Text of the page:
Estranged childhood friends Oscar and Sebastian-both too young to have a personal relationship with the AIDS crisis but too old to have enjoyed the freedom of an out adolescence-spend a year grappling with cultural identity, generational change, and what they see in, and owe to, each other.
This poignant and poetic debut novel brings together Sebastian and Oscar, two long-lost friends who have a chance meeting at a wedding, as they sort out their conflicting views on relationships, settling down, and, ultimately, what it means to be queer ... Though Sebastian and Oscar’s perspectives sometimes lack nuance and are at points hard to empathize with, in their juxtaposition readers will find a compelling exploration of the experiences of queer people from different generations as two modern-day gay men figure out whether they want to conform to traditional views of relationships and marriage or break free entirely.
Some readers may give up on the story in its early stages because Sebastian and Oscar appear unlikeable and are totally egotistical and absorbed with themselves. But after 50 pages, the story begins to gel better resulting in the reader investing a little more in trying to understand the viewpoints of Sebastian and Oscar as they mull over various facets of being gay. But their perpetual struggle to find meaning and connection in their own emotional struggles prevents the reader from appreciating that a larger percentage of gay people are happy and content in their lives than those who are not. The reader risks being left with wondering if the reason for their unhappiness is because they are gay or is part of a wider American obsession with happiness—the feeling that everyone has a right to be happy or, at least, feel happy ... The greatest weakness in the novel is that readers will find it difficult to develop an affinity with either of the two main characters, coupled with unrealistic plotting ... sometimes feels like a crossover between a self-help guidebook and fiction, particularly when Sebastian and Oscar get into their own style of self-analysis, but the plot is nevertheless engrossing and contains a good level of suspense. What is clearly evident is that Salih has the potential to be a good writer.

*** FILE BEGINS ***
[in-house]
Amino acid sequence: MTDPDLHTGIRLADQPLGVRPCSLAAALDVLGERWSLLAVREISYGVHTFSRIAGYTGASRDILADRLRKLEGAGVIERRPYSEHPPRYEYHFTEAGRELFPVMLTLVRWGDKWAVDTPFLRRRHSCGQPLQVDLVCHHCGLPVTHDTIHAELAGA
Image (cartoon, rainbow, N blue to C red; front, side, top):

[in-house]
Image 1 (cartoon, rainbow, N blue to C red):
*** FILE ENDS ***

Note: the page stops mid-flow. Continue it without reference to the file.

Let’s Get Back to the Party’s opening decision to jam its characters into outdated and mutually exclusive gay roles—instead of exploring the overlap between them—sets up the book for an inevitable failure ... None of Oscar’s literary cruising is handled with any nuance or depth ... While a successful first-person point of view is a unique opportunity to interrogate a character’s interior world, in Let’s Get Back to the Party it cockblocks the novel from developing a political consciousness of its own beyond the wooden ideological dyad of its leading men. As Oscar’s internal monologues veer into offensive cliché and caricature, he becomes a monstrous hodgepodge of the worst gay men have to offer ... So what does it mean to be a gay man today? Let’s Get Back to the Party doesn’t offer any clear or compelling answers, but perhaps the larger issue is that the book’s fundamental question isn’t all that interesting. Who still believes in a world where one can talk about a unified, homogeneous gay subject? ... Unfortunately, the reader is given superficial characters slotted into a contrived plotline, resulting in a politically shallow book that devolves into utter nonsense.